Detection of CNVs in high-density SNP arrays requires genotypes that yield high quality intensity and, optimally, allelic ratio data for each locus surveyed. A number of algorithms have been utilized for the detection of CNVs from such genotyping data sets. Software from array vendors such as Illumina and Affymetrix provide basic CNV calls along with graphical interfaces that allow visual inspection of a region of interest. However, these tools generally lack the ability to quickly manage, annotate, and assess CNVs from a sizable number of samples. Moreover, visual inspection becomes challenging for interpreting small or complex rearrangements, or CNVs predicted from genome array data of marginal quality. A number of 3rd party commercial and open-source algorithms, including QuantiSNP  and PennCNV , utilize algorithms employing Hidden Markov Models  to predict CNVs, and these approaches have been developed and adopted for a number of recent genome-wide studies of structural variation. Equally promising are segmentation algorithms such as GLAD  and Circular Binary Segmentation (CBS)  that have been successfully applied for analysis of data from array-based comparative genomic hybridization (aCGH) platforms. These segmentation approaches are particularly attractive as they have been shown to outperform certain HMM-based approaches for aCGH data [19, 20]. Regardless of the approach, these algorithms typically overcall CNV events [12, 15, 21, 22], thus requiring post-prediction methods that consider data quality metrics for distinguishing true events from false positives. Currently, researchers interested in analyzing genotypes for CNV content for the first time, or in setting up production systems for high-throughput analysis and interpretation, are challenged by the considerable variety and limited scope of most existing methods and tools. This is especially true in the use of SNP arrays for clinical diagnostic applications, where reliability and performance are of critical importance.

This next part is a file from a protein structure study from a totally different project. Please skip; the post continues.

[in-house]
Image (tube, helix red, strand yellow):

At the same time, assessing the importance of particular CNVs in context with other genomic features and study findings is a complex task even without robust quality assessment of CNV predictions, especially given limited current knowledge of the distributions of CNVs across the genome and in populations. Contextual genomic and phenotypic annotations need to be considered, while projects involving sizable cohorts also require an infrastructure for managing, accessing, batch-processing, and visualizing annotated CNV predictions.